Here’s a burger that will re-organise your whole concept about what a burger should be. In some parts it’s referred to as “The Blind Willie Johnson”, (sometimes, simply the “Blind Willie Special”). Here is a virtoso burger in every respect – a gustatory miracle that has been making converts of the disbelievers since the late 1930s. Though it has had plenty of imitators, the original concoction traces its roots back to the southern United States, though no one is quite sure exactly where. Various towns have claimed it as their own over the years, from Shreveport to Tupelo. The once-legendary, Macon cook, Big Mama Lorner, allegedly assisted in the successful completion of the Georgia Northern Railroad network by supplying endless amounts of these burgers to the construction gangs. The stories persists and grow more voluminous with every passing decade, and the actual truth as to its origins are probably lost in time.. The people who turned me onto this meal-in-a-bun used the name I use here, cos the bluesman, Blind Willie Johnson, reputedly copied down the recipe after enjoying two or three of these monsters one night in Knoxville. The cook supposedly told him it was based on a burger he’d first eaten in some dive in southern Texas.
When all is said and done I don’t really care where it comes from, and you won’t either. With a taste that’ll make you forget your name, leave your wife (or husband), and think you’ve died and gone to heaven, it proves once and for all that a great burger really is for those who dare to live life to the fullest.
Let’s make us some Blind WIllie Johnson Burgers, shall we?
• 1 large Spanish onion
• 2 garlic cloves
• 1 large red pepper
• 1 red chilli
• Half a bunch of celery
• 2 medium carrots
• 1kg good quality steak mince
• 1 egg
• 1 cup of Colman’s ‘ok’ sauce (Can be hard to find, try the world food aisle of a large supermarket. If you’re unsuccessful use HP sauce.)
• Dried Paprika
• Dried Thyme
• Salt and pepper
To make –
1. Peel, tail and top the carrots, de-base and de-string the celery of any fibrous strands, de-seed the red pepper and chilli, peel and tail the garlic. (Wow that’s a painful sentence to read!)
2. Cut all vegetables into a similar size and put into a roasting tray (also add the garlic). Drizzle olive oil over the vegetables and get your hands into it, making sure everything has a good coating. Cook in a preheated oven at 180°c for 15-20 minutes or until all vegetables are slightly browned and tender.
3. Once you’re there, blend all the vegetables together with a food processor or stick blender.
4. Drain the blended mix in a fine sieve; the mix needs to be as dry as possible so use a wooden spoon to push as much liquid from the mixture. Set aside the vegetable solids to cool completely.
5. In a mixing bowl add the mince and separate by hand so there are no large clumps. Add the egg (beaten) and the “OK” sauce as well as a good hit of salt, pepper, paprika and thyme. Throw your vegetable mix in and get your hands into it again, mixing thoroughly. If you gave very good quality steak mince from a butcher you trust, taste the mixture for seasoning and tweak to your taste.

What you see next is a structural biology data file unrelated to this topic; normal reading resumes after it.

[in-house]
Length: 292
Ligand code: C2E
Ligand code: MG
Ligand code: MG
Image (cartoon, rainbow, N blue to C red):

6. Roughly fashion your patties by hand into the size you desire. This recipe makes quite a bit of mix so freezing excess is fine. If you are doing this make sure you cling wrap them individually.
7. When cooking; I seal the burgers in a very hot cast-iron pan with a little organic olive. When they’re nicely browned I finish them in a very hot oven until firm. If using decent steak mince bypass the oven and serve them still twitching. Try serving these in buns like the ones I talk about below, with melted gorgonzola and red onion jam, and fresh leafy lettuce – very sexy.
And what’s a great burger without a great bun!
Light Brioche Burger Buns Makes 8 4 to 5-inch burger buns
1 cup warm water
3 tablespoons warm milk
2 teaspoons active dry yeast
2 1/2 tablespoons sugar
2 large eggs
3 cups bread flour
1/3 cup all-purpose flour
1 1/2 teaspoons salt
2 1/2 tablespoons unsalted butter, softened
Black and white sesame seeds and/or poppy seeds (optional)
1. In a glass measuring cup, combine one cup warm water, the milk, yeast and sugar. Let stand until foamy, about five minutes. Meanwhile, beat one egg.
2. In a large bowl, whisk flours with salt. Add butter and rub into flour between your fingers, making crumbs. Using a dough scraper, stir in yeast mixture and beaten egg until a dough forms. Scrape dough onto clean, well-floured counter and knead, scooping dough up, slapping it on counter and turning it, until smooth and elastic, 8 to 10 minutes. (You may also use a stand mixer for this, eliminating the need for a bench scraper – but bread from hand always tastes and feels better than bread from machine) You want the dough to remain slightly tacky, as the more flour you add, the tougher they will be when baked.
3. Shape dough into a ball and return it to bowl. Cover bowl with plastic wrap and let rise in a warm place until doubled in bulk, 1 to 2 hours.
4. Line a baking sheet with parchment paper. Using dough scraper, divide dough into 8 equal parts. Gently roll each into a ball and arrange two to three inches apart on baking sheet. Cover loosely with a piece of plastic wrap lightly coated in nonstick spray and let buns rise in a warm place for 1 to 2 hours.
5. Set a large shallow pan of water on oven floor. Preheat oven to 400 degrees with rack in center. Beat remaining egg with 1 tablespoon water and brush some on top of buns. Sprinkle with sesame seeds ( I used both sesame and poppy seeds), if using. Bake, turning sheet halfway through baking, until tops are golden brown, about 15 minutes. Transfer to a rack to cool completely.